The American journal of clinical nutrition

β-Carotene 15,15'-monooxygenase 1 single nucleotide polymorphisms in relation to plasma carotenoid and retinol concentrations in women of European descent.

PMID 23134893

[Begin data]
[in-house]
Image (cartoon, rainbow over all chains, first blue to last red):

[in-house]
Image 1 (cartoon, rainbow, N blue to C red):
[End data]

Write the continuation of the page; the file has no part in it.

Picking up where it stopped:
Carotenoids have been hypothesized to reduce the risk of many diseases, but associations with intakes or blood concentrations may arise from other constituents of fruit and vegetables. Use of genetic variation in β-carotene 15,15'-monooxygenase 1 (BCMO1), a key enzyme in provitamin A carotenoid metabolism, as a surrogate for carotenoid exposure may aid in determining the role of carotenoids unconfounded by other carotenoid-containing food constituents, but important variants must be identified. Our goal was to select BCMO1 single nucleotide polymorphisms (SNPs) that predict plasma carotenoid concentrations for use in future epidemiologic studies. We assessed the associations between 224 SNPs in BCMO1 ± 20 kb imputed from the 1000 Genomes Project EUR reference panel with plasma carotenoid and retinol concentrations by using 7 case-control data sets (n = 2344) within the Nurses' Health Study, randomly divided into training (n = 1563) and testing (n = 781) data sets. SNPs were chosen in the training data set through stepwise selection in multivariate linear regression models; β-coefficients were used as weights in weighted gene scores. Two or 3 SNPs were selected as predictors of β-carotene, α-carotene, β-cryptoxanthin, and lutein/zeaxanthin. In the testing data set, the weighted gene scores were significantly associated with plasma concentrations of the corresponding carotenoid (P = 6.4 × 10⁻¹², 3.3 × 10⁻³, 0.02, and 1.8 × 10⁻¹⁷, respectively), and concentrations differed by 48%, 15%, 15%, and 36%, respectively, across extreme score quintiles. SNPs in BCMO1 are associated with plasma carotenoid concentrations. Given adequate sample size, the gene scores may be useful surrogates for carotenoid exposure in future studies.